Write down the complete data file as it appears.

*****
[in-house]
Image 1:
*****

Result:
[in-house]
Image 1: